In a few short paragraphs, we’ll find out how to use a light source to create a rim light and what are proper uses of it.
In order to rim light a subject, you need to position your light source somewhere behind your subject. As you vary the angle, you vary what gets highlighted . If you place it directly behind your subject, you should end up with even coverage throughout. The example below shows a rim light almost perpendicular to the couple, which creates a white highlight that wraps the contour of their bodies.
With the snowboarding helmet example, two rim lights were placed at a 45 degree angle, creating a slight wrap around of the light. This is apparent by the soft reflections on the left and right side of the helmet. In this photo, the rim lights are acting as the primary light sources, which allows for the subject’s face to be concealed using a shadow.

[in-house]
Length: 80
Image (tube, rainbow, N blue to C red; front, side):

There are many uses, but the two key ones are:
Rim lighting isn’t needed all the time, but it is a quick tool you can use to really help a photo pop. While a bit more complicated, you can also use the sun as a rim light, but you have to be careful about your backgrounds and extreme back-lighting.